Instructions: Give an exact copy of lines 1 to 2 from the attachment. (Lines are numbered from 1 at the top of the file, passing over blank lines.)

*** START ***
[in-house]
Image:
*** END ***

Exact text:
[in-house]
Image: